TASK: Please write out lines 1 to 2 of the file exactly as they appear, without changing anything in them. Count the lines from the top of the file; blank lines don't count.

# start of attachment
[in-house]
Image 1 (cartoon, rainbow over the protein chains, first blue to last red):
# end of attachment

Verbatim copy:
[in-house]
Image 1 (cartoon, rainbow over the protein chains, first blue to last red):